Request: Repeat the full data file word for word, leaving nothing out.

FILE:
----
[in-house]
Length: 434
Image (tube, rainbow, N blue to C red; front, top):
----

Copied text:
[in-house]
Length: 434
Image (tube, rainbow, N blue to C red; front, top):